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Lifewire / Emily Ramirez
Crystal clear, powerful audio
Quality components from Audio Note, WIMA, and Nichicon
Good value for its $250 MSRP
Pricey for everyday gamers and film-watchers
No native 7.1 surround sound support
If you care about audio, it’s hard to beat the EVGA Nu audio card’s performance for under $300. It’s a beautiful-sounding card with thoughtful engineering and intuitive software features.
We purchased the EVGA Nu Audio Card so our expert reviewer could thoroughly test and assess it. Keep reading for our full product review.
In 2019, many audio enthusiasts claim that sound cards are obsolete, inferior to external amplifiers and DACs of the same price—the EVGA Nu Audio Card proves them wrong. This is not just a card for gamers, it’s a card for audiophiles. EVGA partnered with Audio Note, a well-regarded, high-end audio company, to design a card that could hold its own against systems four times its price. While the Nu costs only $250, no corners were cut in its manufacturing. It provides crystal clear, powerful audio and a fully-featured suite of equalizer software that is sure to please even the most demanding listeners.
The EVGA Nu Audio Card’s internals are jaw-dropping. To make the Nu, EVGA partnered with Audio Note to engineer a product with sterling components. Naturally, many components are from Audio Note themselves, but EVGA has also included capacitors from WIMA and Nichicon, well-respected names in the audio electronics world. Should the ADI OP275 op-amp (see: What is an op-amp?) not satisfy your needs, you can swap it out. The design features top of its class noise reduction (SNR of 123 dB), and its headphone output supports headphones containing between 16 and 600ohms of impedance. If you don’t want to deal with plugging your headphones into the back of the case, there’s a front panel connection on the card’s side, which is directly tied to the main headphone output, meaning no loss in quality. The only inconvenience is that to provide this promised performance, the Nu requires a SATA cable from the computer’s power supply. However, the power does not go to poor use— all that extra juice is piped to an onboard, ultra low noise linear power supply (this keeps audio clean and undistorted by your PC components’ electric signals). Nu even has a sizeable heat sink to keep this high performance supply from overheating.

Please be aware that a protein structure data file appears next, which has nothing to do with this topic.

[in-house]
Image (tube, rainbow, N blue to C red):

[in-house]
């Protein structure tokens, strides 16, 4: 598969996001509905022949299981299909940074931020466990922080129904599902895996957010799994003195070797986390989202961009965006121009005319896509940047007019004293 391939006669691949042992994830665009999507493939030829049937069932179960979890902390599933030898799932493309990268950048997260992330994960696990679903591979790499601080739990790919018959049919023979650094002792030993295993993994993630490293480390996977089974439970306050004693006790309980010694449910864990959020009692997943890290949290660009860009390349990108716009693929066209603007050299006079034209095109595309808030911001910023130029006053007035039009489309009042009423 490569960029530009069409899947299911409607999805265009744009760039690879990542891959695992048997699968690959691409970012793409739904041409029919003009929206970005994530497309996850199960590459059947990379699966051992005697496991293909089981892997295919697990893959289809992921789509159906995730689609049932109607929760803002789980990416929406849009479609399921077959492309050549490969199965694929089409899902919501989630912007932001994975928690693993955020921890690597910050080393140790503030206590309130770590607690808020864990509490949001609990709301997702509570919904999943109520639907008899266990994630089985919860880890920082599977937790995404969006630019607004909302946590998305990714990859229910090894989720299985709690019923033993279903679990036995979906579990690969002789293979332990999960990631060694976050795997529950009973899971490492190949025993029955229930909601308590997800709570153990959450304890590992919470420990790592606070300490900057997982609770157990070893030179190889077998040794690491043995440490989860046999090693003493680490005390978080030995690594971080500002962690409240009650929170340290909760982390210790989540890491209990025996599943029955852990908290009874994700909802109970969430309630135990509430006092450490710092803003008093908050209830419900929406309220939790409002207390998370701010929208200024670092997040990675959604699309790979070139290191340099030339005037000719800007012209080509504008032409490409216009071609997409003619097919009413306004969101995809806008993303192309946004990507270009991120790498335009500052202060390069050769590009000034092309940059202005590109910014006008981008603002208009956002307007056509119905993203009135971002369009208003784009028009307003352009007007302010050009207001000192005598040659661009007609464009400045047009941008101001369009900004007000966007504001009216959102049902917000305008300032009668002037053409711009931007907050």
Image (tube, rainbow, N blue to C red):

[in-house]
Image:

The EVGA Nu Audio Card is not just a card for gamers. It’s a card for audiophiles.
On the exterior, the EVGA Nu has a sleek gunmetal grey case with black sides. It looks classy and understated, while the RGB-illuminated EVGA logo provides a welcome pop of color. The card support up to a 5.1 setup, with a 3.5mm line-output, a microphone input, a 6.3 mm headphone input, a 3.5mm line-input, and an optical S/PDIF output. Each of these promises minimal noise, below 120dB SNR. It’s a little disappointing that it doesn’t offer 7.1 channel support, but the ports present are of extremely high quality to make up for it.
Installing the card is a fairly straightforward process. Pop the EVGA Nu into a vacant PCIe slot, plug it into the PSU via a SATA cable, and plug in the header if you’d like to support your computer’s front headphone jack. Once installed, download the drivers from EVGA’s website, and you’re done. Now make sure your computer’s default audio output is the Nu audio card through the Windows sound menu.
The EVGA Nu Audio Card may have RGB lighting, but its sound is where it truly shines. Using the Sennheiser HD-800 and the OPPO PM-3, we found that the EVGA’s audio was clear, crisp, and rich. In fact, it performed no worse than the OPPO HA-1 amplifier, a $1,300 system. The only note to make is that the EVGA does not have a neutral sound signature; it seems to have a bit of a house music curve (See: what are sound signatures?), with recessed mids and bass. This signature makes listening to mids-heavy genres, such as metal and orchestral, a little dull, but it really brings electronic music to life. If you prefer a different sound mix, the mix of frequencies can be modified via the Nu software’s EQ settings to suit your preferences. It will not noticeably distort your audio.